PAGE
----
In a major development on Friday, the Brihanmumbai Municipal issued new guidelines, saying patients tested positive for Covid-19 would be allotted beds in hospitals only after a medical check-up. The civic body has decided to have 10 ambulances each stationed in every ward, which will visit the patient’s residence after being contacted by the ward war rooms.
The new guidelines will come into effect from Sunday, April 25, and patients will be allotted beds only according to their medical condition, said BMC commissioner Iqbal Singh Chahal.
The city has been reeling under a bed shortage crisis despite there being a rapid increase in the number of beds. As of February 11, 2021, the total bed capacity for Covid patients in the city was 12,925. Of this, 1,707 were ICU beds, 6,869 oxygen beds and 1,033 were beds with ventilators.
However, as of April 23, the total bed capacity in the city was increased to 29,764 – 2,850 ICU beds, 10,981 oxygen beds and 1,441 ventilator beds. But this augmentation of beds is still not enough to keep up with the high demand so far. As per data shared by the civic body, of the total bed capacity of 29,764, 22,113 beds are already occupied and only 7,651 beds were vacant/available. Only 42 of the total 2,850 ICU beds, 20 of the total 1,441 ventilator beds and 916 of the total 10,981 oxygen beds were available.
A patient exhibiting symptoms of Covid-19 will be first examined by the health staff/volunteers at their residence before a decision is taken on the category of hospital or type of bed he or she will be referred to. The strategy is part of the new decision/guidelines issued by the Mumbai civic body on Friday.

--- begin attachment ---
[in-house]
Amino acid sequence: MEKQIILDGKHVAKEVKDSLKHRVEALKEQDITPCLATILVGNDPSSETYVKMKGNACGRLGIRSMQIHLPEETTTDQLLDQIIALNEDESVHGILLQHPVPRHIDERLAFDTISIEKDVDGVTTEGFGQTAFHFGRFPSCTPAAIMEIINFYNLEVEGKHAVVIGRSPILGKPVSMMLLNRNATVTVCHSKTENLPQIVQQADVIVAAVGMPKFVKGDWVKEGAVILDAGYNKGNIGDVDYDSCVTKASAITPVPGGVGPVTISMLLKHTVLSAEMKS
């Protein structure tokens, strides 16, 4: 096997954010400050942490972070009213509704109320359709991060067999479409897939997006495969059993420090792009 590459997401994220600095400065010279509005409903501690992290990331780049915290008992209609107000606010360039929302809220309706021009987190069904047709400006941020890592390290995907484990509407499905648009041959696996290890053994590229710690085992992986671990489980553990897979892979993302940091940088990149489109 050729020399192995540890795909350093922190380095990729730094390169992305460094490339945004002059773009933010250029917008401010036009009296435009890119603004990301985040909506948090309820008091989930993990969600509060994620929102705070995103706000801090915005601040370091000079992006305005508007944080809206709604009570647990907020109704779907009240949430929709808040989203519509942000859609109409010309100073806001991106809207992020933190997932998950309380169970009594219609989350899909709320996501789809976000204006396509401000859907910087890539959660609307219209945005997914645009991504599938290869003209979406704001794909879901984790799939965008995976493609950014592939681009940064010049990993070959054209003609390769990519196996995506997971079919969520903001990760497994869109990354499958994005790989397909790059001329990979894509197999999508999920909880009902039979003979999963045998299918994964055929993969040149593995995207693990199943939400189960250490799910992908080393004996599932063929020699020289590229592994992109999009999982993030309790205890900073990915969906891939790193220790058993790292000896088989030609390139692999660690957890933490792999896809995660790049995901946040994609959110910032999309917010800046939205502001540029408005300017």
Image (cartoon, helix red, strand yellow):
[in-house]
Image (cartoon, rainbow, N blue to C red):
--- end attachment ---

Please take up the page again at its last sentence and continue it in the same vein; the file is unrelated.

Last year itself, the civic body had decided that Covid-19 positive reports would now be directly handed to ward war rooms, where doctors will communicate the news to the patient and also gauge the symptoms before allowing them to procure beds.
Those who are asymptomatic are put under home isolation as per the old protocol. But for those who are symptomatic or severely symptomatic, an ambulance with health staff will be sent to their homes for conducting a medical examination before allotting a bed.
Elucidating the role of the health staff working in the 10 ambulances to be stationed across all wards, Chahal said they would check the patient and gauge the seriousness of the case.
“In the last few days, there have been complaints about Covid patients not getting beds. We have so far tried to resolve all such complaints promptly. The process of allotting beds has been considerably improved and is more systematic. However, ito improve it further and prevent any inconvenience to patients, we have come up with this strategy,” said Chahal.
“The best part about this exercise is the medical examination of the patients will be done by visiting their residence and will be coordinated by the ward-level war rooms. After the examination, the visiting staff will communicate the person’s health condition to the ward war room doctors, who will decide whether the person needs an ICU or oxygen bed.”
In case a patient does not get the bed recommended by the examining team, the person will be put on the waiting list and a bed will be made available within a few hours, the circular stated.